For individuals, being environmentally-conscious and environmentally-friendly is easily controlled in the home. For business owners, the prospects may be a bit more complicated. Going green does not have to be limited to energy conservation and recycling; small business owners also profit from executing "green” leases.
A green lease is a real property rental agreement that incorporates clauses and provisions designed to be beneficial to the environment. By virtue of some of the measures, buildings operate with higher energy efficiency resulting in lower energy costs. Lease provisions can range from obligations to use certain cleaning materials, e-communications, turn off lights, maintain thermostat settings or use specific materials in the construction or repair of the premises. Elements of the lease may include operational procedures, equity rules and tenant work letter agreements.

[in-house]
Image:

A tenant should consider what their “green” goals and needs are. In crafting the language of the lease, clauses should be reasonable and specific. Where the lease calls for renovations, detailed timelines, targets and penalties, tenants should understand their role and obligations. Also, exceptions and dispute resolution protocols must be outlined and not inferred. Tenants should realize that if a condition is not in the lease or an addendum, it may not be enforceable.
For small businesses that operate buildings or other premises, many of the tenant tips are applicable on the issues of reasonable clauses, terms, penalties, breach, damages, and roles; however, landlords must be aware that their obligations of performance may be contingent on a tenant and vice versa. Landlords should be sure that repair requirements — including who pays or reimburses — are spelled out. Regular meetings and inspections may be part of the contract to insure compliance.
While first developed in Australia, green leases are becoming more common in the United States. Offering environmentally-friendly solutions, these special leases also help reduce operation costs and other expenses. Still, negotiating a green lease requires general awareness of small business needs and an owner’s ability to perform environmentally-centered contract obligations, assessments that an experienced attorney can provide. Ultimately, leasing green can be very good for business.